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Hong Kong: Korean militants lead onslaught on WTO fortress

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On the first day of the WTO meeting, demonstrators from all over South East Asia marched from Victoria Park to the prescribed demonstration strip. There were about five or six thousand demonstrators.

Groups included peasants, women, workers (in various trade union federations and confedrations), Taiwanese sex workers, and fisherfolks from S Korea, Philippines, Japan, Thailand, Bangladesh, India, Indonesia, Taiwan and even Mongolia!

Popular slogans were “Junk the WTO”, “Down with neoliberal economic policies” (quite a mouthful in any language), “Against liberalisation of trade”, alongside a few anti-Bush and anti-war chants. Others taken up enthusiastically included “Right to food”, “Fishing rights”, “WTO kills farmers”, “Our world is not for sale”, and “Education is a right, not a commodity” – there were several teachers unions with this same slogan.

The Koreans, Filipinos and Japanese were the most organised; they had a separate rallying point, where different sections were lined up in formation each with their group uniform (e.g. farmers’ union, peasants’ league, fisherfolks, teachers (who wore flowers in their hats), service sector, manufacturing sector, etc.) Each contingent had their hats, headbands, jerkins and banners, and a small drum and cymbal band. The significance of these uniforms became clearer as the afternoon wore on.

Other contingents includes Oxfam, Greenpeace, the Committee for a Workers International (mainly Australian, but a smattering of Hong Kong and Taiwanese Chinese), Japanese Attac and Guy Taylor from Globalise Resistance (he stood out a mile as he is very tall amongst us little people). Jubilee South, the more radical breakaway from Jubilee 2000, was also there from South Africa.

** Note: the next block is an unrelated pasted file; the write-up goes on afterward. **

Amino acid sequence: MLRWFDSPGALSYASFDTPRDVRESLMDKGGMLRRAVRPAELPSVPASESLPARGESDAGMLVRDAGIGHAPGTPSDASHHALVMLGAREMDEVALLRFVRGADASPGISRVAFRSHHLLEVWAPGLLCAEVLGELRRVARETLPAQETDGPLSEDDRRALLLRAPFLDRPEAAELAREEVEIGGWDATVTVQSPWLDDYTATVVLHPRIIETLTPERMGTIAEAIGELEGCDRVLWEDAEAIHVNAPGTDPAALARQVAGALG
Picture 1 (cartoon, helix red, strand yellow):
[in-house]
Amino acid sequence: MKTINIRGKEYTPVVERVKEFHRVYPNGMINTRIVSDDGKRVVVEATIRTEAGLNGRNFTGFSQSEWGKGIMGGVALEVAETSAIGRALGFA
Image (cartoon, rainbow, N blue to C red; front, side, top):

Back to the Koreans, their contingents were very impressive, entirely disciplined and acted totally as one. They marched (literally) to the order of their marshals, assisted by drum and cymbals. They chanted slogans with one voice and with conviction. At various stages on the way, a single command brought the whole contingent to lie down on the road immediately.

They also demonstrated a sense of humour. Hong Kong media prattle on about the security of the conference centre, which is built out into the harbour, and the chief of security mentioned in a press conference that there will be patrol boats in the harbour, just in case people attempt to swim to the centre. And they did! The fishermen contingent came with life jackets and a hundred demonstrators jumped into the harvour and started to swim across. You should have heard the cheer that went up.

There have been skimishes near the entrance of the conference centre both yesterday and today. A contingent of Korean farmers, carrying a mock coffin (in memory of a farmer who set himself on fire at the last WTO) on a wooden frame twice the size of a minibus, marched towards the police line, and used the frame systematically to batter the police line. And when they couldn’t get through, they set the coffin on fire, and marched with the flaming frame to scatter the police. But firemen put it out.

The Korean contingents systematically charged the police line, orchestrated by drum beats, and, as each wave got beaten back by the police and pepper spray, a fresh contingent was brought up from the rear. Some contingents tied cling film over their eyes and used their hats and neckerchieves for protection against pepper spray. A small group carried water for washing eyes, and some, standing behind the front line, held long bamboo sticks to bash the police shields.